Intel says it has achieved ‘full representation’ in its US workforce two years ahead of its 2020 goal to reflect the percent of women and underrepresented minorities available in the US skilled labor market.
The company says the achievement was the result of a comprehensive strategy that took into account hiring, retention and progression, and that more than a quarter of its staff are female and black employees.
Intel is also releasing its 2018 Diversity & Inclusion report, highlighting progress made over the course of this journey and the current composition of its workforce.
“We are proud of our progress but not satisfied,” said Barbara Whye, Intel’s chief diversity and inclusion officer and vice president of Human Resources for the Technology, Systems Architecture and Client Group. “We prioritise this as a business imperative to drive innovation and future growth. Diversity and inclusion cannot be treated as an add-on. It has to be integrated into everything we do and this is just the beginning. We need to make sure inclusion remains at the center. Every voice matters, and we need to listen and act to make change happen.”
In January 2015, Intel set a goal to reach full representation of women and underrepresented minorities in the US workforce by 2020, committing $300 million to support the goal and the company’s broader aim of improving diversity and inclusion in the entire technology industry.
Since setting the goal, the number of underrepresented minorities and women in Intel’s US workforce has increased for the fourth consecutive year. Overall representation of underrepresented minorities at Intel in the US is now at 14.6 percent.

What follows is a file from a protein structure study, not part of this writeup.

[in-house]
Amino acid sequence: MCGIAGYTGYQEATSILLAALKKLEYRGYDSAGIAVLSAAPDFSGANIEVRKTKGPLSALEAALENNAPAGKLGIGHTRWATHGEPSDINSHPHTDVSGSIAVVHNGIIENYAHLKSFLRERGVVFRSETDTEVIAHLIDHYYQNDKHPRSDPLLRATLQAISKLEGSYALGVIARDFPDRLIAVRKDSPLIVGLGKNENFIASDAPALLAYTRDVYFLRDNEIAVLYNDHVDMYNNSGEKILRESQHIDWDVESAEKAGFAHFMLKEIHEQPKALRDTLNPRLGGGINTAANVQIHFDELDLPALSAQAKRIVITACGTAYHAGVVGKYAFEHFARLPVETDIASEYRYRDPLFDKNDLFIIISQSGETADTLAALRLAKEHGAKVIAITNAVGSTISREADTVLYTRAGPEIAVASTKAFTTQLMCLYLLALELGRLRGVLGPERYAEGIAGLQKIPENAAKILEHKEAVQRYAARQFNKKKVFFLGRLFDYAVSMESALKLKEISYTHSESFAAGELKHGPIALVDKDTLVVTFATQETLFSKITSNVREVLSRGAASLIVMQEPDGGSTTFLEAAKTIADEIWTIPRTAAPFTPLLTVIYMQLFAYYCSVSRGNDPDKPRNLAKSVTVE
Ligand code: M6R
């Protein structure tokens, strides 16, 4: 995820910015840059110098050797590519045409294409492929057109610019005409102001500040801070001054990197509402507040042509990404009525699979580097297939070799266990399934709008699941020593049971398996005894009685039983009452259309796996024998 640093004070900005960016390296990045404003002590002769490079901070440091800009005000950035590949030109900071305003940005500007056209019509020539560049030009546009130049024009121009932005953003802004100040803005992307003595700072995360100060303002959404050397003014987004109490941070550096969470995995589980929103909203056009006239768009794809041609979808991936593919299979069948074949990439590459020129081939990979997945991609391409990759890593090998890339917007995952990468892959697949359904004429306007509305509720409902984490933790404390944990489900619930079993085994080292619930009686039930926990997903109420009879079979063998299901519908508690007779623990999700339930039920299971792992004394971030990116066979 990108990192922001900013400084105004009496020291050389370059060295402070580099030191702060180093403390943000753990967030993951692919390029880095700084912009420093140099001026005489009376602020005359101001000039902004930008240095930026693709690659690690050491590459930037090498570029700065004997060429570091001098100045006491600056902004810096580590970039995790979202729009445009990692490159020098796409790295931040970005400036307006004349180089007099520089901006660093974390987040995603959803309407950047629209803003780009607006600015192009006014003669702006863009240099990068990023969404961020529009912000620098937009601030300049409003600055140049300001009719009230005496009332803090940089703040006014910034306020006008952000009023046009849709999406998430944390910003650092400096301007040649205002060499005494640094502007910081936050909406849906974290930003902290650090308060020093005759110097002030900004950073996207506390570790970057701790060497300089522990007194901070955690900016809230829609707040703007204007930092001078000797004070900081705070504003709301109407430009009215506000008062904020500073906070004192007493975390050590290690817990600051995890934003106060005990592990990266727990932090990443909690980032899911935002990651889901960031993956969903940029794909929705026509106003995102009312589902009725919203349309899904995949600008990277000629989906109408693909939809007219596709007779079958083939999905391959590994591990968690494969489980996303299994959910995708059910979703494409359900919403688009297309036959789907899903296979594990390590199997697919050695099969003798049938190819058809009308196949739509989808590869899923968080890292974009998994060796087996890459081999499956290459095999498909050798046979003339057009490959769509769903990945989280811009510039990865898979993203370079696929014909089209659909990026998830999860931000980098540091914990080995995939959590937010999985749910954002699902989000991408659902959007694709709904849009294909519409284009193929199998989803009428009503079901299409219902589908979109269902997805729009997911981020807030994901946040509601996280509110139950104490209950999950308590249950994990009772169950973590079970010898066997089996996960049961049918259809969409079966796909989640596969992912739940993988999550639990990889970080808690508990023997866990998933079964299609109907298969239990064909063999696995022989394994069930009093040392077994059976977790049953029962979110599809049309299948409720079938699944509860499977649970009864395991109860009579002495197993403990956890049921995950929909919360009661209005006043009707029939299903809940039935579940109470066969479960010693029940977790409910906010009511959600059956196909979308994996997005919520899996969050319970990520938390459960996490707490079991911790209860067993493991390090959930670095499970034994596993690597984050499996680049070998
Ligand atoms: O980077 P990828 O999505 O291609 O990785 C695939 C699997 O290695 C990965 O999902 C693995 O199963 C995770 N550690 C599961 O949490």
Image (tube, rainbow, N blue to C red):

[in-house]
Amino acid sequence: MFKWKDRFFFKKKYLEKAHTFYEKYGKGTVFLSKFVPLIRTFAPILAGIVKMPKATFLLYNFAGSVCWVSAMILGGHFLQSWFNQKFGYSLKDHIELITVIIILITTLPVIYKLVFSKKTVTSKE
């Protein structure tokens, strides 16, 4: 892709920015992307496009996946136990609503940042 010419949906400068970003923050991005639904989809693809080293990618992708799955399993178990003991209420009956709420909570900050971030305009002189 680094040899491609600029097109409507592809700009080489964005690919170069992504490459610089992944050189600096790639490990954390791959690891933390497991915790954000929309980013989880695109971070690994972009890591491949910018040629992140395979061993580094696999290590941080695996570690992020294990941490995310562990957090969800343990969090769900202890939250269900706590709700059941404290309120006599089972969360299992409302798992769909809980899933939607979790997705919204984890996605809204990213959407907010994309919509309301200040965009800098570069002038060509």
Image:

Intel’s last report in March noted that the remaining gap to full representation was with African American employees – this has now been closed due to continuous efforts in hiring, retention and progression. In fact, African Americans had the highest overall underrepresented minority percentage point increase in the US employee population and now make up 4.6 percent of employees overall.
In addition, women account for nearly 27 percent of Intel’s total US employee base, with almost 24 percent of women in technical roles. The company offers several programs to support women through career progression, including “Pay It Forward,” a mentoring program scaled to support 6,000 female mid-level employees, and “Women at Intel Network,” the company’s largest employee resource group that supports more than 7,000 employees globally.
What’s Next: Intel’s work does not stop here. In 2019, Intel plans to offer its Warmline service globally, drive leadership parity and focus on women of color.
For full details on the 2018 Diversity & Inclusion Report, visit Intel’s Global Diversity and Inclusion web page.